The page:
Q.Where To Find Trustworthy Organic/heirloom Transplant Growers?
Hi! I’m new to growing my own food, getting things set up for my indoor garden now (I have a tiny apartment in a crowded city lol), and I’m wondering where to find trusted sources of transplants for things like dwarf citrus trees, vegetables, and fruits. I had a bad spell of fungus gnats with previous houseplants (from places like big box stores and even Trader Joe’s) that I’m keen to avoid, so I’m looking for a trusted place that takes excellent care of its soil as well as the plants, and I feel a bit overwhelmed as to where to begin. (Obligatory clarification that I understand that sometimes fungus gnats will be inevitable; I just want to give my plants the best start possible!) Thank you so much!
Certified GKH Gardening Expert
Getting trees from reputable places may be a "live and learn" type thing. We don't recommend places to purchase, but when going for trees, I would recommend going bare root. It seems rough this way, but it will ensure that there is nothing in the soil. Other smaller starts should not be of much worry.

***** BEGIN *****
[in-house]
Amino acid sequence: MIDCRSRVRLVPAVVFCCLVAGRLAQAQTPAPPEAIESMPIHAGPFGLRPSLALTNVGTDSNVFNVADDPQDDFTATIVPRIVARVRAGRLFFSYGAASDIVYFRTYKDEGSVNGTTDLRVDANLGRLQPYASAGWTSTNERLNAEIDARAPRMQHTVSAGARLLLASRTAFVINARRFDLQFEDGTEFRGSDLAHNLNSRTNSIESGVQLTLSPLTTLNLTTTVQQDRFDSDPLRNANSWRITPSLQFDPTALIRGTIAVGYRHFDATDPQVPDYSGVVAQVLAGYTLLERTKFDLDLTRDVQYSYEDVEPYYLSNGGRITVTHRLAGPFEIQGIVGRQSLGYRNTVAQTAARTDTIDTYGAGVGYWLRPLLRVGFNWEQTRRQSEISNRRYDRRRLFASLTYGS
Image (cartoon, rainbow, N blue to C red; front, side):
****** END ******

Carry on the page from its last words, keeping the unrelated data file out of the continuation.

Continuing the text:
The main problem starts after transplant, usually. It is possible to reduce the presence of fungus gnats by ensuring that their food source is depleted. Since they eat fungus, that means it needs to be reduced to reduce the gnat population.
Typically, this can be tricky indoors. I have a few tips for this, though.
Indoors, it is important to give the container size that the plant needs ONLY at that time. This is about 1 or 2 inches larger on all sides at each transplant. This reduces the amount of soil that remains wet, while uncolonized with roots. This reduces the fungus population, which reduces the gnat population.
Watering intervals are important, as well. Watering should be done, only, once the soil is completely dry down to 1/3 of the way into the container, at least. This is another way to reduce gnat population. Overwatering will be the primary reason that they are able to be established. They cannot flourish in drier soils, so a balance of what the plants need and what is barely enough will be necessary. ESPECIALLY indoors.